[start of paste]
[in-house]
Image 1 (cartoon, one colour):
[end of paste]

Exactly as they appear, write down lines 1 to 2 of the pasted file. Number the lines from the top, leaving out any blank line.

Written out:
[in-house]
Image 1 (cartoon, one colour):